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Maritime Logistics Professional

Domestic shipping deal sparks new talk of Cosco, CSCL merger

Posted to Far East Maritime (by on October 16, 2012

Rumours of China Cosco merging with China Shipping Container Line have been around for a while, but a new strategic partnership between the carriers has given the story fresh legs.

China’s two biggest container carriers, China Cosco and China Shipping Container Line (CSCL), are no strangers to bloody balance sheets.  In the first half, China Cosco posted a loss of US$207 million, compared with a $151 million loss a year earlier.

CSCL had a first-half loss of $205 million, compared with a $100 million loss a year earlier. Rising fuel costs and falling freight rates, especially on Asia-Europe routes, are keeping the lines in the red.

Alphaliner reports that vessel utilisation levels on Asia-Europe have been below 90 percent since May this year, with weaker than expected peak season demand causing spot rates on Asia-EU and Asia-Med routes to fall by 40 percent.

As two massive, unwieldy state-owned shipping lines, one can’t help wondering what, if any, pressure there is for the carriers to improve their profitability. Shareholders are certainly not an issue.

But it seems that even Beijing has a limit when it comes to tolerating losses. Three beers into Friday’s happy hour, a buzzing Blackberry brought the news that China Cosco and CSCL planned to join forces in the domestic shipping market to try to weather the market downturn.

The carriers have agreed to jointly operate trade routes from northern and northeastern China to Fujian Province and Shantou in the southern province of Guangdong from mid-October. Both lines, which control 80 percent of the domestic shipping market between them, will supply the ships.

In a statement, Hong Kong-listed CSCL said the move was part of “intensive cooperation in domestic container shipping” between the lines.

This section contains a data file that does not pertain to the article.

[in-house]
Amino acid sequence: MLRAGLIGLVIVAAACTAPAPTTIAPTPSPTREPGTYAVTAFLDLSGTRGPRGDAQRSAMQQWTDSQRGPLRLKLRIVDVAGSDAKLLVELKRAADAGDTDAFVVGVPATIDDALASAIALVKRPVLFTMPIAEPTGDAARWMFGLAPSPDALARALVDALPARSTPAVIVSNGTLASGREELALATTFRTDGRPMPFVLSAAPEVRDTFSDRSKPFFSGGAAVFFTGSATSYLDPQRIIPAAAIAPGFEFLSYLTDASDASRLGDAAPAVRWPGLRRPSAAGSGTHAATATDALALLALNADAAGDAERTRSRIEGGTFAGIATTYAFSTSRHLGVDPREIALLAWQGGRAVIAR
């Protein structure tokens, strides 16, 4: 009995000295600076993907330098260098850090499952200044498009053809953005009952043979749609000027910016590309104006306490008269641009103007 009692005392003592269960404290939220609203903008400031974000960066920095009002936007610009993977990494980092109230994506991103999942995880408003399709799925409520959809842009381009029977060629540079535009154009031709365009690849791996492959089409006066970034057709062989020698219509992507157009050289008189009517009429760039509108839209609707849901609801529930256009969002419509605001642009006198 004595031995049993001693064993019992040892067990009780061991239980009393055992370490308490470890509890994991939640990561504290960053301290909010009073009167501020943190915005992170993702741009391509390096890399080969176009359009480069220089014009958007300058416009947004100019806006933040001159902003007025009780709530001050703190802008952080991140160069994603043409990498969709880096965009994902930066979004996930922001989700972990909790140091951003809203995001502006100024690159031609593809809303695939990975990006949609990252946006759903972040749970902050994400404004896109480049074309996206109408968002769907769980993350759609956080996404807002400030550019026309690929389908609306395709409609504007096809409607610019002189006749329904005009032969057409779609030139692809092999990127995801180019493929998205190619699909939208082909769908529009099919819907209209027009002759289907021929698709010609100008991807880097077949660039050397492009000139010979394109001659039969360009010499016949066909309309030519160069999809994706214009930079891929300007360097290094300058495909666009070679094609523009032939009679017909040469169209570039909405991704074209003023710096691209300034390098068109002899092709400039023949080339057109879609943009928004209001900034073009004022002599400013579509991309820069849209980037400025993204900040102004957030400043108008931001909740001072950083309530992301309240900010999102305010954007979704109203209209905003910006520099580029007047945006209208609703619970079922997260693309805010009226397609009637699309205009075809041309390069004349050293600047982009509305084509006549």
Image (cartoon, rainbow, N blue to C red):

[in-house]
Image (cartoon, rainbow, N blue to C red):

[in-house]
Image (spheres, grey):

What it also did was reignite long-running speculation that China’s two major carriers will merge. Back in May, we heard that the Assets Supervision and Administration Commission (ASAC), a statutory body that controls state-owned enterprises, had put pressure on the lines to combine operations in a bid to offset their huge losses.

At a casual glance it makes heaps of commercial sense. Why have two massive lines, both owned by the state, competing with each other on all routes? Merging CSCL and Cosco would create a carrier with a 1.3 million TEU capacity, close behind the world’s third biggest line, CMA-CGM. If done properly, a large but lean carrier offering economies of scale and serving all the main routes would be able to take on all the top lines.

There is a problem, however, which is that it would take a lengthy and Herculean effort to merge the two lines. Together, the companies operate about 140 shipping, port and even finance companies in a gigantic web of interests that would confuse even the most focused spider.

A top level merger may be some ways off, but joining forces on the domestic China trade could be the start of a consolidating move towards a bright and maybe even loss-free future.